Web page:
that his party might leave the coalition government if Regional
Development Minister and Christian Democrat leader Jiri Cunek remains
in the cabinet. In an interview for Czech Television on Thursday, Mr
Bursik said the Green Party would have problems staying in the
governing coalition with Jiri Cunek still being a minister. Minister
Bursik said he could see no other solution but Mr Cunek's departure
from the government.
These developments are likely to put further pressure on Deputy Prime Minister Jiri Cunek, who has been charged with taking a bribe as mayor of the town of Vsetin five years ago, but who has so far refused to resign. Mr Cunek has also been heavily criticised for making offensive remarks about Romanies.
The Czech government will have no money to remove a pig farm from the site of a former Second World War concentration camp for Romanies in Lety, south Bohemia, Civic Democrat Prime Minister Mirek Topolanek told journalists on Friday. Mr Topolanek said that although every government up to now had supported the idea of relocating the farm, no administration would ever be able to find the necessary funds to do so in the state budget. It has been estimated that it could cost as much as eight hundred million crowns or thirty eight million dollars to relocate the farm. Instead of talking this step, the prime minister has supported the idea of building a memorial nearby, which he has called a dignified but affordable solution to the problem. Mr Topolanek's remarks have been criticised by groups representing Romany Holocaust victims. Three hundred and twenty six people died in the concentration camp where the farm is now located.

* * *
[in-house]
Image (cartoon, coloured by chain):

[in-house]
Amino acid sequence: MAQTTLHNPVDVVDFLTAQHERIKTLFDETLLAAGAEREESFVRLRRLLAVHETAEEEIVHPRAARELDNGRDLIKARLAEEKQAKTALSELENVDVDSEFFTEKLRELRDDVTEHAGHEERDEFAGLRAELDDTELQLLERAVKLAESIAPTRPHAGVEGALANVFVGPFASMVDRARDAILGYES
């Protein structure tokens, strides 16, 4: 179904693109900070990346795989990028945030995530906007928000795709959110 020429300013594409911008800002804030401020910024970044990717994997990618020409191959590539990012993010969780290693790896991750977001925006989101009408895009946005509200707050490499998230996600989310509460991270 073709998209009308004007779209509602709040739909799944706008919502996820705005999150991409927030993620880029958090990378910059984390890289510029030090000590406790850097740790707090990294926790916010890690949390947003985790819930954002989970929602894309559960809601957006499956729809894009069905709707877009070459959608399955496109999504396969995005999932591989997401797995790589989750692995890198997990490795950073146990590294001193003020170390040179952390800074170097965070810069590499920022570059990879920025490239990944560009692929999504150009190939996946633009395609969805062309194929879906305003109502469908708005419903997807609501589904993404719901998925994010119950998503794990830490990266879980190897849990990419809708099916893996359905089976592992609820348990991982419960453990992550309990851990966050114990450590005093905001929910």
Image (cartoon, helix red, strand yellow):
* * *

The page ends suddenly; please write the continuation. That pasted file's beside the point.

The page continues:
The last state-owned brewery Budvar could be transformed into a joint-stock company by the end of the year, the Minister for Agriculture Petr Gandalovic told journalists on Friday. The change should be the first step towards privatising the brewery. Minister Gandalovic said that he was convinced such a step was necessary in order to ensure Budvar's further expansion and development. In its current legal form as a state enterprise, the brewery cannot accept injections of foreign capital or pay out dividends. The minister warned, however, that these changes could be hampered by ongoing lawsuits concerning the Budvar brand. Budvar has been involved in a number of trademark disputes with the American Anheuser-Busch brewery all over the world. Anheuser-Busch owns the Budweiser brand, a name Budvar also uses for some of its products.
An amendment to the Penal Code proposes tougher sentences for corruption in the public sector. The amendment increases the maximum sentence for taking a bribe from eight to 12 years and raises the sentence for offering a bribe from one to two years. Justice Minister Jiri Pospisil said on Thursday the government is to debate the new legislation in the months to come, and the law should take effect as of next year. The law will also ban officials convicted of corruption from working in public posts, Mr Pospisil added. The amendment is based on a long-term programme approved by the government last October. It also includes the establishment of special courts and anti-corruption agents as well as a special phone line for reporting suspicions of bribery and gaining advice from the Transparency International anti-corruption watchdog.